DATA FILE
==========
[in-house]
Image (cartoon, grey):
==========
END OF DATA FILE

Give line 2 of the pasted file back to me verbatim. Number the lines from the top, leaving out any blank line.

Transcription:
Image (cartoon, grey):